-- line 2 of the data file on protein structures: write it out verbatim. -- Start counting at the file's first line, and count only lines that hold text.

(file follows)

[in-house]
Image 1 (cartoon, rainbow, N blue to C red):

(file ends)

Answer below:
Image 1 (cartoon, rainbow, N blue to C red):